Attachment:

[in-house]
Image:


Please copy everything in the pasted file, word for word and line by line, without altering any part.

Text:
[in-house]
Image: